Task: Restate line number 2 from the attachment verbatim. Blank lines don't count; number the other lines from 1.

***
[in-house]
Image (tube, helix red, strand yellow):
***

Image (tube, helix red, strand yellow):